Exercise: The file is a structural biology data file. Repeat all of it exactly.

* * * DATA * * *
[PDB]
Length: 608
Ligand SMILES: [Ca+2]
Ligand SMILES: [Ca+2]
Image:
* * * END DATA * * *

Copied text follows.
[PDB]
Length: 608
Ligand SMILES: [Ca+2]
Ligand SMILES: [Ca+2]
Image: